These “new poor” kept their pride by repairing old clothes, supplementing food budget with gardens, and giving up everything to appear as they had before the war. Inflation radically change the relative position of many in society. Conflicts arose over the differences in purchasing power. All wage earners had less real purchasing power at the end of the war than they had had at the beginning. To make matters worse some great fortunes were built during the wartime and postwar inflation. Those who were able to borrow large amounts of money could repay their debts in devalued currency from their war profit.
Four years of chaos and utter destruction had smashed the old world Europe. The most “advanced” quarter of the world had turned to violence and barbarism of its own accord. Progress and reason had been suppressed for destruction.
Moreover, it has brought to light an almost incredible phenomenon: the civilized nations know and understand one another so little that one can turn against the other with hate and loathing. Indeed, one of the great civilized nations is so universally unpopular that the attempt can actually be made to exclude it from the civilized community as “barbaric,” although it has long proved its fitness by the magnificent contributions to that community which it has made.
The early part of the war satisfied the fascination with speed, violence, and the machine as manifested in the pre-war Futurists. Many movements shared a resolute “modernist” contempt for all academic styles in the arts, a hatred for bourgeois culture, and a commitment to the free expression of individuals. All these feelings were given an additional jolt of violence and anger by the horrors of the wartime experience. During the war there was a loss of illusions as described in All Quiet on the Western Front. Poets, like others, had gone to war in 1914 believing in heroism and nobility. Trench warfare hardened and embittered many.
Freud said of disillusionment: When I speak of disillusionment, everyone will know at once what i mean. One need not be a sentimentalist; one may perceive the biological and psychological necessity for surrering in the economy of human life, and yet condemn war both in its means and ends and long for the cessation of all wars.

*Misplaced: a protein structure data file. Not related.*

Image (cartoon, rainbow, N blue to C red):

British poet, Wilfred Own, who was killed in 1918 was transformed from a young romantic into a powerful denouncer of those who had sent young men off to war. In “Dulce et Decorum Est” he mocked “the old lie” that it was good to die for one’s country, after giving a searing description of a gassed soldier coughing out his lungs. The anger of the soldier-poets was directed against those who had sent them to the war, not their enemy. The war experience did not produce new art forms or styles. It acted largely to make the harshest themes and the grimmest or most mocking forms of expression of prewar intellectual life seem more appropriate, and to fost experiments in opposition to the dominant values of contemporary europe.
The Dada movement, which mocked old values and ridiculed stuffy bourgeois culture, was one of these movements. A mood of desolation and emptiness prevailed at the end of a war where great sacrifice had brought little gain. It was not clear where post-war anger would be focused, but it would definately be in antibourgeois politics.
The echoes of a world shattering were heard throughout the world as Europe collapsed into total war. These echoes were the sound of change as Europe was transformed socially, politicaly, economically, and intellectualy into a machine of complete destructionThe war in brief